Why Is an Exponent of 1/2 the Same as a Square Root?
Date: 05/05/2004 at 09:05:30 From: Will Subject: Algebra 2 Why is raising a number to the 1/2 power the same as taking the square root of the number? For example, 36^(1/2) = 6. It's not confusing, Iam just wondering why that is the only number that can do that. It seems pretty interesting to me, so could you please answer?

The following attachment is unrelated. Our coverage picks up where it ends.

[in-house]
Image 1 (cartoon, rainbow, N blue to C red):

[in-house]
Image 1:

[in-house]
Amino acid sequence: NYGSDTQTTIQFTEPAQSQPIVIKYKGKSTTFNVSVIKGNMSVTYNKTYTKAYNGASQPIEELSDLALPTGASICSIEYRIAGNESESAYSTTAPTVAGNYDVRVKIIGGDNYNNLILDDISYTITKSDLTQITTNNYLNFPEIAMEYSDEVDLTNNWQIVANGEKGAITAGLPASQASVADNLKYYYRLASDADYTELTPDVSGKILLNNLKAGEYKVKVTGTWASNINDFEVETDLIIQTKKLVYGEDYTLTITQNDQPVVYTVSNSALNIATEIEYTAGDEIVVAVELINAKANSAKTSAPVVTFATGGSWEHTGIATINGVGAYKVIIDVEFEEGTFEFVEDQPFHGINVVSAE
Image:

Date: 05/05/2004 at 14:03:02 From: Doctor Terrel Subject: Re: Algebra 2 Hi Will - To show you why the "1/2 power" of a number means the same as "square root" of the number, I need to give a little background first. Let's try this... The square root of 9 is 3 because 3^2 = 3 * 3 = 9. The square root of 64 is 8 because 8^2 = 8 * 8 = 64. In summary, the square root of some number N is a value that when multiplied by itself (or squared) produces the given number N. Or in other words, r will be the square root of N if r^2 or r * r = N. Are you familiar with the basic laws of exponents? Let's apply some of them to this question. We'll start with: x^a * x^b = x^(a + b) This law says that when you multiply like bases, you keep the base and add the exponents, as shown here: x^2 * x^3 = (x*x)*(x*x*x) = x*x*x*x*x = x^5, which is x^(2 + 3) Let's try using that law with the 1/2 power: x^(1/2) * x^(1/2) = x^(1/2 + 1/2) = x^1 = x But look at what just happened! We multiplied x^(1/2) by itself (or squared it) and we got x. According to our earlier summary/definition of the square root, that means that x^(1/2) must be the square root of x. Can you see that? Here's one more way to look at it using exponent laws. There is a law that says that a power raised to a power is the product of the powers. In other words: (x^2)^3 = x^(2*3) or x^6 This is actually an extension of the exponent addition rule we already looked at, since (x^2)^3 = x^2 * x^2 * x^2 = x^(2 + 2 + 2) = x^6 Let's suppose for a moment that we don't know how to write a square root as an exponent, and we'll try to figure out what would work. We know that when we square the square root of x we will get x, as we defined above. So if we let n be this unknown exponent that represents the square root of x, we know that (x^n)^2 = x Applying our "power to a power" rule, we can rewrite that equation as x^(2n) = x^1 Since the bases are the same on each side of the equation (x), and the two quantities are equal, the exponents must also be the same: 2n = 1 n = 1/2 Ahah! The mystery exponent n that represents the square root turns out to be 1/2. You can see why it works: [x^(1/2)]^2 = x^[(1/2) * 2] = x^1 = x Going back to your example: [36^(1/2)] * [36^(1/2)] = [36^(1/2)]^2 = 36^[(1/2) * 2] = 36^1 = 36 Since multiplying 36^(1/2) by itself (or squaring it) gave 36, 36^(1/2) must in fact be the square root of 36. Hope this helps. Good luck. Write again if need be... - Doctor Terrel, The Math Forum http://mathforum.org/dr.math/
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